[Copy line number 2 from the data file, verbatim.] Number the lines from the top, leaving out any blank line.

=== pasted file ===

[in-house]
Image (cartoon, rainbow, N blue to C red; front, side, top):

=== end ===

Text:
Image (cartoon, rainbow, N blue to C red; front, side, top):